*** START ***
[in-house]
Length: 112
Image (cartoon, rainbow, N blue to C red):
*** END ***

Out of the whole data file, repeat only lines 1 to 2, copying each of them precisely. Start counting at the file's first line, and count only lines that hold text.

[in-house]
Length: 112